Meanwhile, with the development of various network systems, various distributed optimization problems have emerged. Extensive efforts to design the efficient algorithm have been put into the distributed optimization problems. Because of the advantages of decentralized and distributed structure, the distributed algorithms based on multiagent systems are more efficient than the centralized algorithm. A large number of consensus-based optimization algorithms have been presented over the past two decades. For instance, in [8, 9], the subgradient algorithms upon multiagent systems have been presented. In [10], the algorithms with fixed step size have been proposed. In [11], edge-based fixed-time consensus algorithms have been established. More results can be found in [1215].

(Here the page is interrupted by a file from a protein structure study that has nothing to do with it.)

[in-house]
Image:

In the above works, the proposed optimization algorithms depend on the selection of constant control gains. In fact, the lower bound of the gains is determined by the smallest nonzero eigenvalue of Laplacian matrix for the communication graph, i.e., algebraic connectivity which is global information. These consensus algorithms are not fully distributed. To face this challenge, some well-performing adaptive algorithms have been proposed, where the adaptive gain updating laws rely on local information of the agents. For example, in [16, 17], the adaptive algorithms of the finite time convergence have been established upon integrator multiagent systems. In [18], the adaptive algorithms have been proposed upon general linear multiagent systems from the edge-based and node-based design.